Are Yarn Trimmings for The Birds or Is That An Environmental Problem?

Mikey, The Crochet Crowd

Mikey, The Crochet Crowd

I am Michael Sellick, known online as 'Mikey', I am the founder and leader of The Crochet Crowd. I'm a 'hooker' at heart with the passion to crochet and play with yarn.

77 thoughts on “Are Yarn Trimmings for The Birds or Is That An Environmental Problem?

  • July 5, 2014 at 3:54 pm
    Permalink

    I put all off cut pieces over 2″ in a zip lock bag and use them for a latch hook cushion.I use aida type fabric But open weave cotton or hessian will work too.You can use a latch hook or a crochet hook.Fold the piece of yarn in half decide where it is too be placed put the hook through the fabric ,catch the yarn,pull through,half way,pull the ends through the loop thats made and pull firmly Repeat as needed.You can make any size cushion or pet mat etc and any ply yarn can be put together for different effects.
    Keep on hooking

  • March 28, 2014 at 5:51 am
    Permalink

    Hummmm…… And here I’ve been tossing my scraps! You guys have given me some great ideas!

  • March 24, 2014 at 7:23 pm
    Permalink

    Not yarn clippings, but like others… sometimes lint (from our cotton towels), hair from us or pets, bio-friendly things. I also try to think of the animals when I plant – will it feed or provide cover for an animal?
    Not yarn related – but we hang left over corn on the cob in the bushes for the birds and squirrels. They love it!

  • March 24, 2014 at 6:37 pm
    Permalink

    I have just begun crocheting. After reading this, I think I will put all my yarn clippings into a baggy and use as stuffing materials for projects that will stay in my home. Even when we throw them in the garbage, eventually these trimmings get out. The birds & wild animals do come in contact with these materials.

  • March 23, 2014 at 11:06 pm
    Permalink

    I keep a ziploc baggie handy for all the bit’s of yarn and I use them whenever I am making anything that needs stuffing. I never have to buy the fiber fill.

  • March 23, 2014 at 9:36 pm
    Permalink

    no artificial stuff for sure, I leave our family hair clippings and the trimmings from our dogs as well. they love those
    we leave only biodegradeables. even woll that is natural but colored isnt healthy.
    and another reminder…
    for those that give nectar to humming birds please dont instead plant the flowers they love like bee baalm, cone flower butterfly bushes ahibiscus srose of sharon anythinig with a beel or cup the y love. man made stuff doesnt be high enough in sugars and nutricion for that long flight and so many die of starvation along the way because of that.
    the beauty bush at my itchen wiindow serves food to all kinds of bees, butterflies and humming birds and seves a a nesting place for other species as well. I love the chickadees who sit on the branch and talk to me throough the window if I opened it I am sure they wold come right in.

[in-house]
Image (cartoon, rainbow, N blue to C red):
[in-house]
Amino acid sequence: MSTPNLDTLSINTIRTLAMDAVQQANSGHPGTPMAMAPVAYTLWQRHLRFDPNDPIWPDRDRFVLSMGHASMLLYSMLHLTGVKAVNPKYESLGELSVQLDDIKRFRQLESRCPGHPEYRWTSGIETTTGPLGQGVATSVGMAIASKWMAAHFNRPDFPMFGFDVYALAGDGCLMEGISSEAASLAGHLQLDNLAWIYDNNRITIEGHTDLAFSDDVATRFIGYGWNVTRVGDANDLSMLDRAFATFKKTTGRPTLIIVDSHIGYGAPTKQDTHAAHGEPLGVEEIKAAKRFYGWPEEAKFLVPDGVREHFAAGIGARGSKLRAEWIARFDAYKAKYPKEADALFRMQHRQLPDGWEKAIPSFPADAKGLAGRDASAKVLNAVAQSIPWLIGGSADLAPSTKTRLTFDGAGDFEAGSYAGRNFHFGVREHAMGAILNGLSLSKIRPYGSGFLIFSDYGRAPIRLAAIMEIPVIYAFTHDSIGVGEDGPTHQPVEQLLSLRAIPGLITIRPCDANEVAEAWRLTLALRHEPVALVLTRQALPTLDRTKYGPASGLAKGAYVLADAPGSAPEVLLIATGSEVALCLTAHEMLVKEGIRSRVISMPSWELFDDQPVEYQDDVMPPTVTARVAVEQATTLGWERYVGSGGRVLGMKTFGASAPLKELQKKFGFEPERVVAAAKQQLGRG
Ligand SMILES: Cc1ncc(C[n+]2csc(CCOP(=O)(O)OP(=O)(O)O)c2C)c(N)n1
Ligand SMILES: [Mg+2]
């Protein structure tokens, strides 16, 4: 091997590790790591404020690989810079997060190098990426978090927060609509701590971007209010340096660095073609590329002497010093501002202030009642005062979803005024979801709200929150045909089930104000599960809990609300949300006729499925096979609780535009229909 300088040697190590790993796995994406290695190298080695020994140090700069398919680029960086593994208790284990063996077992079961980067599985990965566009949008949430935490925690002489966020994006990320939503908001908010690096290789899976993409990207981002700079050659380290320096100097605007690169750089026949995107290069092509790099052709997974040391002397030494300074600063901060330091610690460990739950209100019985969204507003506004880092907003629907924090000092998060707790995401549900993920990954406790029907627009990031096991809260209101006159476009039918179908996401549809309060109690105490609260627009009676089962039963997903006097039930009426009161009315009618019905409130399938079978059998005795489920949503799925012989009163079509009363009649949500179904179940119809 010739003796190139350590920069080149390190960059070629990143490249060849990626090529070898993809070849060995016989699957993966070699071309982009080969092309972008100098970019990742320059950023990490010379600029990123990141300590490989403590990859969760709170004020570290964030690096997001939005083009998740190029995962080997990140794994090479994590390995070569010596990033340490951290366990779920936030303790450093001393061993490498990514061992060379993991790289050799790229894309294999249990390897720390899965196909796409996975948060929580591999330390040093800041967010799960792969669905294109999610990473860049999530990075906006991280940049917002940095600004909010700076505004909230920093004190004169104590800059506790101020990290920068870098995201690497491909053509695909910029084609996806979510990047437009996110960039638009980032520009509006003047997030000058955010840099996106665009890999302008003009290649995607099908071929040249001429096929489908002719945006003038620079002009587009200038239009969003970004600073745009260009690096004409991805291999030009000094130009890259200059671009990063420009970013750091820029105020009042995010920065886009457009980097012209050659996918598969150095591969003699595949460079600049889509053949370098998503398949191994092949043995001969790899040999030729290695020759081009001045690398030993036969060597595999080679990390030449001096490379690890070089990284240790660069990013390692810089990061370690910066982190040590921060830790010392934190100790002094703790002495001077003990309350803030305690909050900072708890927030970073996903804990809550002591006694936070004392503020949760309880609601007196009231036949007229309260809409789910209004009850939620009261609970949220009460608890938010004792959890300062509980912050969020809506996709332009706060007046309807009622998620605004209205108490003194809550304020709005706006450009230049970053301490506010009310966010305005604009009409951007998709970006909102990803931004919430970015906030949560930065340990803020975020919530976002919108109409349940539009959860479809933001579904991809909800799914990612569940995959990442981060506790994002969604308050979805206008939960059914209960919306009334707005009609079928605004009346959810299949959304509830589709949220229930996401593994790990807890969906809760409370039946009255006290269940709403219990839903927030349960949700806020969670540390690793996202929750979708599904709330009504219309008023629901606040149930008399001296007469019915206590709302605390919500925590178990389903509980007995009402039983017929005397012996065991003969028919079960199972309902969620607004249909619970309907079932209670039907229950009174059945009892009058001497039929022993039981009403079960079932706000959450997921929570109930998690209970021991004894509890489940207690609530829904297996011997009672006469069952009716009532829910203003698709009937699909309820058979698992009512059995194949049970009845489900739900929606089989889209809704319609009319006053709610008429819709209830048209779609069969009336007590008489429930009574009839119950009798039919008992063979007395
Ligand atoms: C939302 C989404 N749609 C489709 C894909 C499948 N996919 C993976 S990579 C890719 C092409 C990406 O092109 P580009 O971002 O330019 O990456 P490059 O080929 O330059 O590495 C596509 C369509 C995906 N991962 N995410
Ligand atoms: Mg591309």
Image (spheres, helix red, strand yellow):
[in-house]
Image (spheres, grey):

• March 23, 2014 at 9:13 pm
    Permalink

    I don’t put my trimmings out for the birds, but I do leave some of my Chow dog’s wool. I often see nests lined with the cozy wool and it makes me happy that my dog could helps baby birds stay warm.

  • March 23, 2014 at 6:31 pm
    Permalink

    I live in Virginia and the birds have never used anything I’ve put out. I tried the dryer lint and it just turned into a soggy mess when it rained. But about animals and yarn. I have a kitten who loves to play with yarn. I thought it was real cute until he got the yarn all wrapped around the leg of a chair and then around himself. He was about to choke. He isn’t allowed to play with it unless it is crocheted into a form and then I watch closely.

  • March 23, 2014 at 4:36 pm
    Permalink

    The other aspect that gets forgotten is that other animals will steal it as well, eating it and causing severe tummy trouble – even death – because the yarn gets wrapped around their intestines, causing knots and blockages which can burst, killing the creatures. It happens with people leaving scraps out for bird nests and when people vandalize an area with ‘yarnbombing’.

    We need to be more careful with our creations – even our scraps – to protect those little furry friends from harm. You wouldn’t allow your own pet to eat it so don’t leave it out for other animals who are just as prone to do the same thing.

    Thank you, Mikey and Dan, for being responsible crafters who take care of everyone – both human and non – in your endeavors.

  • March 23, 2014 at 4:18 pm
    Permalink

    I have never used the yarn trimmings for the birds. I do save the dryer lint though (less the fabric softener sheets) and put it out for the birds. They will usually clean up a grocery bag of lint in a day.

  • March 23, 2014 at 1:28 pm
    Permalink

    Interesting. I have always left my scraps out for the birds and I will continue too! Last year a very persistant robin kept trying to build a nest the gooseneck part of my horsetrailer (I took down 4 nests before it finally moved on to building elsewhere). What was that bird using? The usual sticks and twigs, but also oodles and oodles of nylon strings from a blue tarp! Not sure where they were getting it from as I only had white tarps on my property and none of them were fraying, but if they want certain things, they will find a way to get it. I have never seen a baby bird hanging dead from a nest, not that I’m saying it won’t happen. But do whatever you feels right.